We are all fortunate to have been artists during Andrew Wyeth’s long and productive career. He was a beacon for representational artists who needed a guiding light to navigate the rocky waters of contemporary art, a stalwart supporter of his friends and family members, a proud student of America who learned the lessons of its history, and a strong man who heard the voices of both his detractors and supporters. When he died on January 16, 2009, we all lost a painter who inspired us and allowed us to see the world through his sharply focused and deeply personal vision.
I had the honor of corresponding with and visiting Mr. Wyeth, or “Andy” as he always insisted. What impressed me most about the man who was among the wealthiest, most decorated, and most well-known artists of our time was the simple but solid set of principles by which he lived his life and pursued his career. When he drove me around his home and property in Chadds Ford, Pennsylvania three years ago, it was clear he was proudest of being able to support his family as a full-time artist; to honor the achievements of his father, siblings, and sons; to use his wealth and influence to preserve the historic land around his home; and to be blessed with the love and support of his wife, Betsy James Wyeth.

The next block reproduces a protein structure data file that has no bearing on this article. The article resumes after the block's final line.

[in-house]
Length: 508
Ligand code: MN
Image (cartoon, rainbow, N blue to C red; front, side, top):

In some ways, Mr. Wyeth was like every other artist I have interviewed. He remembered his first two gallery exhibitions in Boston when none of the watercolors sold; he still felt the pain of criticism about his work, most especially about his masterpiece Christina’s World and the Helga drawings and paintings; he enjoyed the company of other artists; he felt awkward at gallery and museum openings; and he didn’t like people treating him like a celebrity.
But there was one very clear distinction between Mr. Wyeth and every other painter profiled in American Artist. He proved to generations of artists that there was a place in the art world for representational drawings and paintings; and he demonstrated that such work could include content that was personal, worthy of critical attention, and connected to the history of art.
I invite you to share your comments about the ways Mr. Wyeth’s art and life may have influenced you. I’m sure his neighbors, friends, family members, and admirers would appreciate reading your remarks.